Intended primarily for those people who are responsible for providing support for dyslexic students, but also for research workers in this field. Jean Robertson's book begins with an overview of neuropsychological theory and brain function to help shed light on what is observed by teachers in their day--today interaction with students. The varied demands of the reading process are discussed, and an overview is given of how neuropsychological theory can contribute to the development of specific intervention techniques. The book then deals with both theoretical and practical considerations of dyslexia and reading. It discusses a developmental model of reading and the role the cerebral hemispheres play in the reading process, the visual and auditory aspects of reading and the development of intervention programmes. Subtypes of dyslexia are considered and examples given of how pupils are assessed and allocated to groups. Two different intervention methods are then discussed with case studies illustrating them, and this section is followed by a discussion of experimental work from the two studies.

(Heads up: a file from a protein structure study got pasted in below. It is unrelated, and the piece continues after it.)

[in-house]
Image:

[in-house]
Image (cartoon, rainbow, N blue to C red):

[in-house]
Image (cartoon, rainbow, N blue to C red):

The book concludes with a chapter on neuropsychological intervention, particularly in the school setting.